We live in a beautiful place here in Southeast Alaska. From the top of a mountain on a sunny day, we can see for miles around, other mountain peaks, streams and glaciers. From sea level we look up and see snowcapped mountains and tall trees and eagles soaring. Two perspectives: one from above and one from below. Both are beautiful scenery. On rainy days we can be at the top of the mountain and look down and see clouds and fog. From sea level we can look up and see rain drops fall and clouds cover the mountain tops. Same scenery, we just can’t see it. How often do we let the clouds obscure our view and perspective?
A friend told a story once of a family car trip across a desert state. Unfortunately they ran out of gas miles from an open gas station. Eventually the family flagged down some help, got some gas and continued on their trip. What was interesting was that several weeks after the family returned home the father asked the family members about the desert experience. One child said it was awful, hot and sticky, stuck for several hours along the road side.
Another child enthused about the rocks and toads and creatures he explored while waiting for help and gas to arrive. A teenager grumped about how anyone could actually run out of gas and in the desert no less and it was the worst vacation ever. The father remembered being worried about his family and then the beautiful sunset they experienced after they had gotten gas and were continuing on their trip. The mother said it was a wonderful time. She had been able to talk with her children during the trip and valued the time she got to spend together with each member of the family while waiting for help. The family members all experienced the same trip, on the same road, in the same car, for the same several hours waiting for gas, yet each had a different perspective and memory of the trip.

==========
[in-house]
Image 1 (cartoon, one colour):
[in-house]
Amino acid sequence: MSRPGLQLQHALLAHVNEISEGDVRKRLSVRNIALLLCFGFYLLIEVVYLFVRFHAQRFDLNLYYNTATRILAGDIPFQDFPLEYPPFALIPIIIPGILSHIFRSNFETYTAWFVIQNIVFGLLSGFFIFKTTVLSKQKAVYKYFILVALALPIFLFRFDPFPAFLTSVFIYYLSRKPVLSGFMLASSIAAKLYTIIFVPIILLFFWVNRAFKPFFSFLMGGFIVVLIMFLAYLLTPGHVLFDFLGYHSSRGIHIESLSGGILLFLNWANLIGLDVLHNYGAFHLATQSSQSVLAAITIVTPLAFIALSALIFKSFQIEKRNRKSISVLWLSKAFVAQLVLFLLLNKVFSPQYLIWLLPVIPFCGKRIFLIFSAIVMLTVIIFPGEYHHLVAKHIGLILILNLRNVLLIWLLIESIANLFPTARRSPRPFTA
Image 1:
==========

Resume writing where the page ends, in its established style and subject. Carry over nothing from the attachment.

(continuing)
As we experience trials and challenges in our daily lives, what is our perspective? Do we see the sticky heat, poor choices, or the amazing animals and scenery and love of God in our lives? The apostle Paul in Philippians 4:11 says “… for I have learned, in whatsoever state I am, therewith to be content.” Dieter Uchtdorf an apostle in the The Church of Jesus Christ of Latter-day saints said the following in a talk entitled Grateful in Any Circumstance: “Everyone’s situation is different, and the details of each life are unique. Nevertheless, I have learned that there is something that would take away the bitterness that may come into our lives. There is one thing we can do to make life sweeter, more joyful, even glorious. We can be grateful!” As Disciples of Christ, we are commanded to “thank the Lord [our] God in all things,” (1 Thessalonians 5:18) to “sing unto the Lord with thanksgiving,” (Psalm 147:7) and to “let [our] heart be full of thanks unto God.” (Book of Mormon Alma 37:7)
As the holidays approach and our time schedules often get frantic and we attend events and visit with family, let us evaluate our perspective. Is it a time of commercialism, cold weather, time lines and stress? Or is it an opportunity to serve and to share, a chance to spend time with loved ones, give thoughtful gifts and be grateful for our blessings from God. As mentioned in a previous article, The Church of Jesus Christ of Latter-day Saints has a Christmas initiative this year with the hashtag #share goodness. What is our goodness perspective and how can we share that goodness? May we each have God’s goodness and perspective in our lives and may we share goodness with each other.
• Donna Leigh is member of the Church of Jesus Christ of Latter-day Saints. “Living Growing” is a weekly column written by different authors and submitted by local clergy and spiritual leaders.